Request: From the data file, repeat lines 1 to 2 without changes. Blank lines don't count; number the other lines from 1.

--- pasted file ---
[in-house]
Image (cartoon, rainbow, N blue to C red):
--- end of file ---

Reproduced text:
[in-house]
Image (cartoon, rainbow, N blue to C red):